SEA ISLE CITY — A massive crane lifted the second floor of a 106-year-old house back into place Tuesday on top of a first floor that is being rebuilt after suffering damage from 6 feet of water from Hurricane Sandy.
The bayfront home located near Dealy Field Recreation Complex is one of the oldest on the island, according to owner Charles Lisa, 62, of Woodbury. The house was completely knocked off its foundation and its first floor was damaged during the October hurricane. A patio that used to wrap around the front of the home was wiped out and the balcony on the second floor disappeared.
The Thursday after the storm, Lisa met with engineers and contractors, and the house “was barely standing up. And I was given an order to demolish or stabilize from the city,” he said.
Lisa was given 48 hours. But he knew tearing down the summer home his family has owned for about 40 years would not be an option.
A deep sentimental attachment prevented him from walking away from the historic property. The last seven summers of his late mother’s life, after his father retired at 55, were spent in this home, Lisa said. For his father, Sam, 91, of Glassboro, it holds the last memories of his wife, who died in 1989 from heart problems, Lisa said.
“We’ve got a lot of good memories here, and we’re going to have a lot more,” he said.
Local professionals were contacted and a plan was devised to save the undamaged top floor. The house was cut in half and the second floor was temporarily shifted aside while the first floor was demolished and rebuilt in its place. Following new FEMA flood maps at the time, the first floor was designed to be built 15 feet higher in the same spot where it originally stood.
“Charlie said he was getting the house cut and he’s already talked to someone and I was like ‘How can you do that?’” said Brenda Gervato, 63, of Vineland, who has been summer neighbors with Lisa for the past 17 years.
Emergency permits were required to get all the work done in a short timeframe, Lisa said. Many of the individuals who helped him were local professionals.
Jerry Davis, a local house mover, was instrumental in salvaging the second floor, Lisa said.
“Everyone was saying tear down the house but I said, ‘No, I can save it,’” Davis said. “I knew I could save it.”
He went to work separating the two floors and then manually slid the structure adjacent to the existing one, onto a temporary platform.
“It was dangerous because the first floor buckled and it was hard to work with the distortion on the first floor,” Davis said.
A crowd of more than 20 gathered across the street from the house to watch the work Tuesday. Former renters, neighbors and other residents were among the audience at 8 a.m. when utility crews were working. Some neighbors watched from balconies nearby.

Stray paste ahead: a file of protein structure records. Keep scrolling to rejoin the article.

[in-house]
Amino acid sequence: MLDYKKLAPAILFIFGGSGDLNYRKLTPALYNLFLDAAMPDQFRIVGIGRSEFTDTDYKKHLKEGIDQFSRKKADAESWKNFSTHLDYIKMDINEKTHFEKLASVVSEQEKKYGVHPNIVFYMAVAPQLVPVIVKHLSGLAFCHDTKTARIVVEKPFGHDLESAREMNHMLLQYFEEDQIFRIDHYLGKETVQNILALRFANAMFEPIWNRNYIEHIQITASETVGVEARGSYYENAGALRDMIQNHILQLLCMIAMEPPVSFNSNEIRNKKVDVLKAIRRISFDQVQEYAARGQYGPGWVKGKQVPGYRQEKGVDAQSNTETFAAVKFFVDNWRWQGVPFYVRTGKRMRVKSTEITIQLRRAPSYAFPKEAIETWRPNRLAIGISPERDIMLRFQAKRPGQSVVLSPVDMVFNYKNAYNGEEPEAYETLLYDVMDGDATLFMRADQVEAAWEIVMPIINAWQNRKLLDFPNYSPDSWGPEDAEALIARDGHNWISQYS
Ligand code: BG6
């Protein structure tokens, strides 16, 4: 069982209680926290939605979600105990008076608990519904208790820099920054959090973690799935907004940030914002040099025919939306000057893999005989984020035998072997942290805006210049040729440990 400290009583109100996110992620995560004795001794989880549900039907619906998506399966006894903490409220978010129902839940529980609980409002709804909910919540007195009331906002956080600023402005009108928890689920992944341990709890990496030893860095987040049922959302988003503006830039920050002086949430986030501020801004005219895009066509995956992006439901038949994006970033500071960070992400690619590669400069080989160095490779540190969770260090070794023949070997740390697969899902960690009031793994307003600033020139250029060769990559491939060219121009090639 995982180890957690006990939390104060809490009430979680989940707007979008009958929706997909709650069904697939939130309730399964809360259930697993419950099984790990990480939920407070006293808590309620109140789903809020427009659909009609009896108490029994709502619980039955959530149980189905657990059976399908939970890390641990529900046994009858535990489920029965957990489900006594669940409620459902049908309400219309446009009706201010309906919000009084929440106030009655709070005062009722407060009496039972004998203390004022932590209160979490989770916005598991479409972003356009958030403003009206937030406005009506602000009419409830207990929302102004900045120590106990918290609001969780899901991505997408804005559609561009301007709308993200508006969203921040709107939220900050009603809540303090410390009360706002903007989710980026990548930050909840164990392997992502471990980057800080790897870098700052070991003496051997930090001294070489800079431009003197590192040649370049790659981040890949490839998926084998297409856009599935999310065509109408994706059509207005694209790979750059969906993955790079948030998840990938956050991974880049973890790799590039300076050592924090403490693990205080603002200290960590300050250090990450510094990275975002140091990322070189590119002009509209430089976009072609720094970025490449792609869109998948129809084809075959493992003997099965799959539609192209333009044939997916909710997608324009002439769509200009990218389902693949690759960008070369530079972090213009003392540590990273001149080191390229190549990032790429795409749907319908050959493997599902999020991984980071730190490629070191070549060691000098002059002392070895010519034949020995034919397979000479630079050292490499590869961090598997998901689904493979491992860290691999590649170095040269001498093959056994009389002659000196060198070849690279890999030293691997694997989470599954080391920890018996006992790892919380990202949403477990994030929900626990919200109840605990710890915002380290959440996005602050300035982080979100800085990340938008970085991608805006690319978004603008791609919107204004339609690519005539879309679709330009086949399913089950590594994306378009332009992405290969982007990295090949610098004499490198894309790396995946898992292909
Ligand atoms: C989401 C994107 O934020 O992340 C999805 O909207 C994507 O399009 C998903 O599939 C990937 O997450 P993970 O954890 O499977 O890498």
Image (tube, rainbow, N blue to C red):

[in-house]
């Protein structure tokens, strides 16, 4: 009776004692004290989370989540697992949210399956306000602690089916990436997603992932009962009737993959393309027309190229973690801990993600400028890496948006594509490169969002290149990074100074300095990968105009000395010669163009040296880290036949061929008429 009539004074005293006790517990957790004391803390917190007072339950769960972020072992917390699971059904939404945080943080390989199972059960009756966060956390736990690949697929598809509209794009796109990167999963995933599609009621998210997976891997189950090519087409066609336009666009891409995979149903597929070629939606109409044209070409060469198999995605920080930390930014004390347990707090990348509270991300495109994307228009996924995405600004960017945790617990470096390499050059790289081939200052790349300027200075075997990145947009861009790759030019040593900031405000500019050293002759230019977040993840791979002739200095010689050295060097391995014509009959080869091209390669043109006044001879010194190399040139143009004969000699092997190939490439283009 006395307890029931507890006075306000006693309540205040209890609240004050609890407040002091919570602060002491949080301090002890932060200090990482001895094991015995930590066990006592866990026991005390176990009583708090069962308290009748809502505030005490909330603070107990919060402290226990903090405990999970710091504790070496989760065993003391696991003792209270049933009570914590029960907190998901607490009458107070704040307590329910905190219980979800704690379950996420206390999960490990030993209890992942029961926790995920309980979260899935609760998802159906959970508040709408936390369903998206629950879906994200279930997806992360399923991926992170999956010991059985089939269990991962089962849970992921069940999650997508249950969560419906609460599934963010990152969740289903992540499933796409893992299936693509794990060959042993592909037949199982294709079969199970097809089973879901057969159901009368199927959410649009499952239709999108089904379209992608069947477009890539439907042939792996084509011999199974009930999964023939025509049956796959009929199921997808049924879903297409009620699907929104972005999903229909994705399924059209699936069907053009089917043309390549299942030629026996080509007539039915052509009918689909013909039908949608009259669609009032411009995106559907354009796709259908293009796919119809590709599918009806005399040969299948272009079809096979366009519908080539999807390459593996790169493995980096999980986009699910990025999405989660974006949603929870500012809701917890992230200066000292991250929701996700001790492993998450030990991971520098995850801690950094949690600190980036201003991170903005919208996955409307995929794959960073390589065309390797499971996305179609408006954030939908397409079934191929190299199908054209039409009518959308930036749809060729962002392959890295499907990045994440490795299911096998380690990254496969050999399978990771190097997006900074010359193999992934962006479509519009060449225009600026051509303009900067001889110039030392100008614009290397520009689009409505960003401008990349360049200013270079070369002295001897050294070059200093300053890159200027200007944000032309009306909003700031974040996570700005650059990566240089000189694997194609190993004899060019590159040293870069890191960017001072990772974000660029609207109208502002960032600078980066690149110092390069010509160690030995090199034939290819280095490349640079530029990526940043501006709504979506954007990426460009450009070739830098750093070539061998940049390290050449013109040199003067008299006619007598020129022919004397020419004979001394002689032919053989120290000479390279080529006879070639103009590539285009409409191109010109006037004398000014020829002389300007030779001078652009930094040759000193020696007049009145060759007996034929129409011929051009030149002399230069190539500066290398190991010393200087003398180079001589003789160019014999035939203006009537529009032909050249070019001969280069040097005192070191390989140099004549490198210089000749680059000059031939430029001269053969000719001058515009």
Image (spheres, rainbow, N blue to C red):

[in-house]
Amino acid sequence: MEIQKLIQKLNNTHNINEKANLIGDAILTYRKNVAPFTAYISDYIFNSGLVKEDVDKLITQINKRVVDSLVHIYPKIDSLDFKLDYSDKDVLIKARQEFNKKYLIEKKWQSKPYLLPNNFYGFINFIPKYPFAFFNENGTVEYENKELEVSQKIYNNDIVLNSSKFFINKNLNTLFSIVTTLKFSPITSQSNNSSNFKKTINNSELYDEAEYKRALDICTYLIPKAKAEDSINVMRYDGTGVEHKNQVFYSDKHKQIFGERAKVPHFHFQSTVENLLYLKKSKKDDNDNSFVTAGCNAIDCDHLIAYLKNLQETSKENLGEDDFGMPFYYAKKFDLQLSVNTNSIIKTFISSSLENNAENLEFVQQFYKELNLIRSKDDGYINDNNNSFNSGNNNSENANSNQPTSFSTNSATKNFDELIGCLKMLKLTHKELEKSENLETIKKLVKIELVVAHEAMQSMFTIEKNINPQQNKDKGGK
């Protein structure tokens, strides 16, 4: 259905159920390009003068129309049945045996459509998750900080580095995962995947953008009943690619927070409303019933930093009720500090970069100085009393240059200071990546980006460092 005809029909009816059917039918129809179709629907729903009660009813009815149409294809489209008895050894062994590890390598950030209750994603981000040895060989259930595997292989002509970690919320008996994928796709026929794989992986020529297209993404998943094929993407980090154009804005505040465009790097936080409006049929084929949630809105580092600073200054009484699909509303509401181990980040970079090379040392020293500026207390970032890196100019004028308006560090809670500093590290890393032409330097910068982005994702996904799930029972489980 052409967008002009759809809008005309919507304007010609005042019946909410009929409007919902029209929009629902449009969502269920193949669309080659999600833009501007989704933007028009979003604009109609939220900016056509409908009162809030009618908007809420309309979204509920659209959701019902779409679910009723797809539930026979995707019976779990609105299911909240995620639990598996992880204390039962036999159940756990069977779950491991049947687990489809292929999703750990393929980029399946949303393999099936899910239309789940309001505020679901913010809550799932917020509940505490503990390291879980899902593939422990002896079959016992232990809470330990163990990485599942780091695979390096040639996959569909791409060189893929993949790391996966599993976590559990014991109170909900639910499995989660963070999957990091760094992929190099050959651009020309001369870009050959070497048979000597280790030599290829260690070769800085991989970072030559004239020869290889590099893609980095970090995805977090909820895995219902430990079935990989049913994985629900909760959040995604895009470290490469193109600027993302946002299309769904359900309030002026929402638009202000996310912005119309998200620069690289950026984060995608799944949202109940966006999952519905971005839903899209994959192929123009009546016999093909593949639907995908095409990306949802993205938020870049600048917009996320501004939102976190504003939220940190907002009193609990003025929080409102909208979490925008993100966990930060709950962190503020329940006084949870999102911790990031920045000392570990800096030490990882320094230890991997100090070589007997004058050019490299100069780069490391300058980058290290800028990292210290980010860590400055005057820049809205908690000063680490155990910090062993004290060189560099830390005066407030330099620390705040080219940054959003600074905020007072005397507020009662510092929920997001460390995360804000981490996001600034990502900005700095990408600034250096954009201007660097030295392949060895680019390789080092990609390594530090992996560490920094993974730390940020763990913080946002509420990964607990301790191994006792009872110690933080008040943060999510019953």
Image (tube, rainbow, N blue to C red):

A steel frame with cables was used to lift the top portion of the home. Holes were cut into the roof, where the cables were pulled through and fastened inside the structure. It was then slowly lifted into the air, off a temporary support platform, and shifted a few feet to the right, and several feet higher, before becoming aligned with the new first floor.
The whole process was complete by about noon. Lisa said he hopes to have the home completely ready in three weeks.
The new structure is in the same location, Lisa said, but this time it will be 15 feet above water. That’s based on preliminary FEMA maps released earlier this year. “We’re actually going to have an ocean view (from the second floor) so that’s going to be an advantage,” he said.
Lisa said he hasn’t checked to see if the newly revised FEMA flood maps, which were released Monday, affect his home, but at this point he doesn’t care anymore, he said.
The Sounds Avenue home sits next to piling that were once part of a home wiped out in the storm of 1962, Lisa said. “The state came in and wouldn’t allow them to rebuild. So I was pretty confident I was going to have problems,” he said of his situation after Sandy.
The new first floor, which will be rented out, is going to have a new design that lends itself to the unobstructed view of the bay, said Sam Lisa, who still considers the second floor home.
This includes “180 degrees of glass in the back, so it’s going to be beautiful,” Charles Lisa said. And his father’s second-floor apartment will remain as it was before.
“We’ve been able to do this without any (government) assistance. The government wouldn’t give us anything,” Lisa said. “The insurance company wouldn’t give us anything. They just came back and said there was $547 in wind damage out of $350,000.”
“My question for Charlie is ‘What’s the reason for doing that? Is it to preserve some history for the town?’” said Gervato’s son-in-law, Austin Caracciolo, 34. “It seems like it would be much easier to just throw that house out in the dumpster.”
“He bought the house in 1964 so his kids grew up in it, his wife was still alive when he lived in that house. I mean, he’s got an emotional attachment to it,” Gervato said of the senior Lisa. She watched the move with Caracciolo and her daughter, Angela, 31, of Hammonton.
“This house has stood through how many hurricanes? I mean you’ve got to think about how many hurricanes come through here, and it withstood all that. Now it’s perfect, it’ll start all over. It has another 100 years,” Gervato said.
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